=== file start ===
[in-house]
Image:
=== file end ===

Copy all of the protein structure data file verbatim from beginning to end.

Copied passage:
[in-house]
Image: